Dominic Duren

I was born with many gifts. I was smart. I had a mind for working with people and for business. I just started out on the wrong road selling crack cocaine at the age of 12 in Los Angeles. In spite of my side work, I still did well in school – so well that I skipped a grade and then graduated from high school at 16. After that I was in business full-time. Learning that central Ohio had become a lucrative market, I moved to where the business was.

Life was good. Business was good. Until one night when everything turned – rival dealers robbed my partner. Naturally we plotted revenge and got it. When the smoke cleared, one of the opposing dealers lay dead. I wasn’t the one who fired my gun, my friend had done that. But I was there. I was part of it. I pled guilty in court to involuntary manslaughter and aggravated robbery, both felonies. I took a deal. The public defender couldn’t even remember my name.

In prison, everything turned a bit more. I got busy learning data entry and eventually earned an A.B. in Business Administration. I did everything I could to make myself employable when I got out. I stayed busy, but in prison you have to deal with yourself. I did a lot of self-reflection.

So now I’m back on the streets again with a fresh start. I had everything I needed to change the course of my life. Except a job. Door after door after door. All closed. No one would hire someone with two felonies. I had needs – right now. My girlfriend, who eventually became my wife, was living on student loans and pursuing a nursing degree. So with no hope, I did what I had to do. Returned to the streets of Cincinnati to sell drugs just to make ends meet for the family.

That’s when I met Brother Mike at the HELP Program. They have a way of believing in you – getting you to believe in yourself. I fell away from the process twice. But the third time worked. That was the final turn for good. I never had experienced so much compassion; I didn’t feel worthy. They did so much for me and my family (which now includes two children). They gave me a chance when nobody else would.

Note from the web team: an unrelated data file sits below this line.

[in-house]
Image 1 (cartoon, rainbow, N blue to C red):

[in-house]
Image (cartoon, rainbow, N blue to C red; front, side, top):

Brother Murphy saw something in me and promoted me to run the program. “He was my director here for three years,” Murphy said. “He has excellent administrative skills, better than mine. His greatest gift is his passion.” And now I’ve landed at St. Vincent de Paul as the coordinator of their Re-entry Program. What I’m dealing now is life changing – in the best possible way.

Together with the Cincinnati Archdiocese and the Amos Project and St. Vincent de Paul, we are helping to educate the community about the barriers to employment faced by returning citizens. A major goal of our program is to foster community collaboration in support of positive change and recruit and train community volunteers as mentors.

SVDP Re-entry Program Priorities:

• Educate the community on barriers faced by returning citizens, including facilitating the Dismas Journey

• Mobilize St. Vincent de Paul conferences and Vincentians to volunteer and get involved in the program. SVDP has more than 900 Vincentian volunteers making home visits in neighborhoods throughout Hamilton County.

• Recruit community volunteers for hands-on, meaningful direct service to support returning citizens and their families.

• Provide returning citizens and their families with basic needs assistance in support of their efforts to re-establish self-sufficiency.

• Administer a basic needs fund to provide assistance.

• Foster community collaboration between returning citizens, service providers, community organizations, employers, local government, faith-based groups and other stakeholders in support of positive change.

• Collaborate with the Archdiocese of Cincinnati, AMOS, the HELP Program, the Ohio Justice & Policy Center, Nehemiah Manufacturing, the Hamilton County Office of Re-entry, and others connect SVDP volunteers and Dismas Journey participants with campaigns in support of returning citizens.